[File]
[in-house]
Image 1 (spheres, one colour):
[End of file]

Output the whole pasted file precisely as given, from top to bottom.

[in-house]
Image 1 (spheres, one colour):